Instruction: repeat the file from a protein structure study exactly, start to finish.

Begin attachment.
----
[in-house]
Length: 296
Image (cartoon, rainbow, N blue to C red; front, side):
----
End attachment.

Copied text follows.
[in-house]
Length: 296
Image (cartoon, rainbow, N blue to C red; front, side):